Pop was also burdened with a slim definition.  Pop meant flaccid and saccharine.  Pop was the noise that bubblegum made.  Pop was the opposite of punk, unless it was pop punk, a genre I absolutely indulged in but would go to painstaking lengths to rename as “skater punk” or “neo-punk” because semantics and titles meant that much to me.  I wonder why.

There were countless bands that I tossed aside in my one-woman-war against melody.  The Smiths were top of the heap.  Did I really hate The Smiths because I’d patiently, painfully sat through full albums and just couldn’t stand the irresistible brightness of Johnny Marr’s guitar, or Morrissey’s delicious voice?  Or did I stop my investigation  short of listening, scoff at the flowers in Moz’s pocket, and turn away the moment I realized that everyone else loved them?  As we know, pop is short for popular, and with discriminating ears I’d decided that “popular” was synonymous with “crap.”

It took me a long time to realize that hating something because of its popularity is just as lame as liking it for that reason.  Concept, I’ve learned, can be the enemyThose little placards next to the paintings at museums can never communicate what it is that the canvas does to you.  It may seem funny that a music critic is telling you to not listen to the ideas surrounding music, but before a critic I’m a listener, and one thing I  know is that diving in on your own, swimming around, feeling the temperature and the texture of a song…that’s all that really matters.  Gleaning significance from a concept-a synopsis really, no longer interests me…I want the meat of the thing.  And it was with this abandonment that I was finally able to enjoy a whole slew of music I would have shrugged off in my younger years.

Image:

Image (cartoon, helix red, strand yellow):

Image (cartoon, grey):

If concept is the enemy, context is a friend.  After all, it was context that first tricked me into liking The Smiths.  I was on an ugly grey balcony in Seattle, the balcony belonging to a friend’s hip older brother.  It was the summer before I moved to New York and I found myself dating hip big brother’s college friend, a coy Brit who played with his bangs too much.

The brother, being a musician, had a hoard of instruments strewn about his apartment, along with plenty of friends who could play them.  What college apartment would be complete without the requisite acoustic guitar, after all?

Though I grew up in the midst of musicians and have been witness to my fair share of casual-setting sing-alongs, I’ve never taken a shine to them.  Too intimate.  Too showy.  Mostly too intimate.  This occasion was no different.

Some guy with a fashion mullet and a purple zip up hoodie started strumming away on a six-string, and though I already wanted to run far away, I remained board-stiff in my deck chair.  The song was requested by the Englishman, who shortly began to sing: